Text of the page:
The sport of MMA has evolved rapidly in a short space of time. Heading into his last fight at UFC London in March, we look at how Brad Pickett has featured throughout the different ages of mixed martial arts to date.

On February 17, 2015, Vincent Hubbard first arrived on Albert Square. An inauspicious beginning, Hubbard left a single white rose by Ronnie Mitchell’s side for when she would (inevitably) awaken from her coma – a ‘where were you?’ moment for fans of seminal BBC drama, EastEnders.

Hubbard’s entrance made waves, not only for the audacious storyline surrounding his introduction to Walford, but also for the actor playing him, Richard Blackwood. One of the UK’s most beloved artists, Blackwood is known for his comedic roles, a highly successful career in music, and playing the role of Donkey in Shrek The Musical. He is perhaps more widely recognised however, as the man on the mic at Cage Rage shows (for a bit).

Blackwood Cage Rage

The Custardy Yellow Canvas

Before UFC 200, there was another infamous yellow mat in MMA. Realistically, there were probably quite a few, but none more revered than the custardy yellow canvas of Cage Rage.

Cage Rage ran from 2002-2008, showcasing some of the world’s best known fighters, including UFC Hall of Famers Dan ‘The Beast’ Severn and Ken Shamrock, reality TV star and UK ‘cage fighter’ Alex Reid, respected referee Herb Dean, convicted bank robber Lee Murray and many more.

The promotion gave us the classic Manhoef-Cyborg title fight, Anderson Silva’s elbow uppercut KO and, perhaps its greatest gift, Dave O’Donnell – a larger-than-life caricature of a man, with the gift of gab and an OTT persona that hovers on the borderline between wacky and seriously mental.

Despite its brassy looks and nightclub swagger, Cage Rage was a pioneering force in MMA, and not just in the UK. The promotion brought in some of the biggest names in MMA, featuring them on its then Sky Sports platform.

Little known/believed fact: It was actually UK favourite and Bellator welterweight, Paul Daley that supposedly brought an end to the Cage Rage-Sky Sports relationship, with the broadcaster claiming Daley’s foul mouthed on air tirade was their reasoning behind pulling the show. That the sport hadn’t take off quite as they had hoped had little do with it, of course…

As well as Sky Sports, Cage Rage shows and programming also aired on The Fight Network, Extreme Sports Channel and, incredibly, Nuts TV.

Last Minute Replacement KOs Cage Rage

In 2007, Cage Rage partnered up with ProElite and FEG. The partnership didn’t last long, with ProElite buying up shares in the promotion only a few months later to officially acquire the show.

In 2008, EliteXC, the show formed between ProElite and Showtime, was to be investigated following the now-famous Kimbo Slice-Seth Petruzelli fight and subsequent claims by Petruzelli that he was offered money to fight in a certain manner. The whole debacle, along with the hefty debt they’d racked up, caused ProElite to cease operations.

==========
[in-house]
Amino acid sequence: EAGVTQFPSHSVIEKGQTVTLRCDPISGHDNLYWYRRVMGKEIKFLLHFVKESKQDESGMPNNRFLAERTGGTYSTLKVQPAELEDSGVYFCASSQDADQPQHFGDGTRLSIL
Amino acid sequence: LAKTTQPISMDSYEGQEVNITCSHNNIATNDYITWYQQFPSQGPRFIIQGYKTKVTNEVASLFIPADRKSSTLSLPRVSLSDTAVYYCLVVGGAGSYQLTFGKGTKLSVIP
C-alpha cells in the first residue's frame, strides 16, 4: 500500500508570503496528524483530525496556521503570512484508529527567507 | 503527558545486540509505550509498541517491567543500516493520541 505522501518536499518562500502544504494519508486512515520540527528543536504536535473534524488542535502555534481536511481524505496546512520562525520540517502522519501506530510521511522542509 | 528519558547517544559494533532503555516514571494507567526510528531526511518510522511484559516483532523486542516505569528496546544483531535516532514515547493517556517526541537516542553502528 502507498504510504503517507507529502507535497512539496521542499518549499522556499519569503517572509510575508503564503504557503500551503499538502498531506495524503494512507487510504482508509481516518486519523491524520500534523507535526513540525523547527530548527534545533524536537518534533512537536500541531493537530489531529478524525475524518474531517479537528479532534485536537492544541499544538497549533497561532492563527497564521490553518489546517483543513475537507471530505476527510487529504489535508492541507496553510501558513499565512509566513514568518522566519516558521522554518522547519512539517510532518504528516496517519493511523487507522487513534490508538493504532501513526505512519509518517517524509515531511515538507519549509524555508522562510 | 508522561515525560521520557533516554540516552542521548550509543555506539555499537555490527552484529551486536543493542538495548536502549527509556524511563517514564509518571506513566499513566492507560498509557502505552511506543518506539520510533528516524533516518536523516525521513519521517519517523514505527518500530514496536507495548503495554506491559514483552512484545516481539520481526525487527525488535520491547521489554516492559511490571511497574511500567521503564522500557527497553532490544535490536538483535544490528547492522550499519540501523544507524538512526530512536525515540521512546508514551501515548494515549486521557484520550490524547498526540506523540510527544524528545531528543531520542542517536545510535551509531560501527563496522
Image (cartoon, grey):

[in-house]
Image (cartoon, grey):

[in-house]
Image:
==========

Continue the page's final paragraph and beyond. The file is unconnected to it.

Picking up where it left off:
An estimated 4.5 million viewers tuned in to see last-minute replacement Seth Petruzelli fell the mighty Kimbo Slice in October of 2008. An estimated 4.5 million viewers also inadvertently witnessed the end of the Cage Rage era, with the last ever show taking place just under a month later.

A British Champion

A homegrown Cage Rage talent, Brad Pickett sat alongside MMA royalty Anderson Silva, Michael Bisping and Vitor Belfort as a Cage Rage champion, winning the British featherweight title in 2005. Pickett went on to defend the strap against Robbie Olivier the following year, eventually losing his title in a rematch seven months later.

Ever the pioneer, Cage Rage led the way in innovation within the sport, introducing the ‘open guard’ rule at Cage Rage 13 in September, 2005. Much like when Hubbard/ Blackwood burst onto our screens ten years later, open guard was a sensation – it was also how Pickett put away Ozzy Haluk to claim the British featherweight title.

A curious nod to the more brutal elements of MMA in Japan, the open guard rule allowed fighters the opportunity to punt a grounded foe in the face or, as Pickett chose to do, jump two footed onto their head. A vicious window of opportunity, open guard came into play when the referee was satisfied that a downed fighter was “at least a metre away from the cage, on his back and able to avoid or defend against attacks.”

Once the ref had raised his arm and called it, it was head kicking time.

In the video below, Pickett recalls the sequences that led to him becoming champion.

Video created by our GFX wizard, Rion Holland. Check out his website HERE.

Pickett talks about this and his fight with Vaughan Lee at Cage Rage Contenders 6 in more detail, HERE.

Blackwood, Sky Sports, the short lived ‘open guard’ rule – Pickett was there for it all, managing to come out the other side relatively unscathed.

Before there was the UFC, there was the WEC, and before there was the WEC, there was Cage Rage. The first stage in Pickett’s career, Cage Rage was a fitting beginning: both were flawed, but with potential.

An inauspicious beginning, what Cage Rage started in the UK would go on to become one of the nation’s fastest growing sports. Similarly, Pickett’s time on the custardy yellow canvas would prove to be the foundations for one of the most successful careers of any UK competitor to date.

Celebrate Brad’s #LastDance at UFC London on March 18 with his final fight t-shirt, available HERE.

Screen Shot 2017-02-10 at 14.13.21


Hegarty, Tasha – Digital Spy. “EastEnders: First look at new villain played by Richard Blackwood”

Williams, Harry – YourMMA. “Where Are They? Ozzy Haluk”

Kaplowitz, Matthew – Bloody Elbow. “The night Kimbo closed EliteXC”